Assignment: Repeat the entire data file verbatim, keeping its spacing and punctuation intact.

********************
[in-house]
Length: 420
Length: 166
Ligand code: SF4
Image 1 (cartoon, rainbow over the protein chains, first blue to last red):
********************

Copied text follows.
[in-house]
Length: 420
Length: 166
Ligand code: SF4
Image 1 (cartoon, rainbow over the protein chains, first blue to last red):